• Ebb and flow

In this system, a thin film of nutrient solution flows over the roots of the plants, providing them with the necessary nutrients. Ebb and Flow, commonly referred to as flood and drain, is a hydroponic growing technique that involves nutrient-rich water being flooded into the plant roots and then allowed to drain away. This process is repeated several times a day. Plants are typically grown in a tray or container that is placed over a reservoir of fertilizer solution in an ebb and flow arrangement. The water is flooded into the tray by a pump and then allowed to drain back into the reservoir. The plants get the essential nutrients and oxygen thanks to this cycle of flooding and drainage. The ebb and flow system's ability to provide a high level of control over the expanding population is one of its advantages.

  • Drip irrigation

In this system, a slow drip of nutrient solution is delivered to the plants through tubing. An automated controller regulates the amount and timing of the nutrient solution delivery. This kind of setup has been widely used to deliver water and nutrients to plants in outdoor gardening setups for improving water efficiency. The slow dripping action ensures that plants use regulated amount of water, which makes commercial operations prefer drip hydroponics over other systems.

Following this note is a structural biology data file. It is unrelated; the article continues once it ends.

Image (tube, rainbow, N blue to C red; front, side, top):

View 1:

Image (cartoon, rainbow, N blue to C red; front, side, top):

According to TechSci Research report on “Global Hydroponics MarketBy Type (Aggregate Systems v/s Liquid Systems), By Equipment (HVAC, LED grow light, Control systems, Irrigation systems, Material handling, Others), By Input (Nutrient v/s Growth Media), By Farming Method (Indoor v/s Outdoor), By Crop Area (up 1000 Square feet, 1000-5000 Square feet, 5001-10000 Square feet, 10000-50000 Square feet, Above 50000 Square feet), By Crop Type (Vegetables, Fruits, Flowers, Others), By Company, By Region, Forecast & Opportunities, 2028 2027”, the global hydroponics market is projected to grow at a significant rate. The market growth can be attributed to advancements in hydroponics technique and rising initiatives by government to strengthen food security in their regions.

How is Vertical Farming Strengthening Food Security in Arid Regions?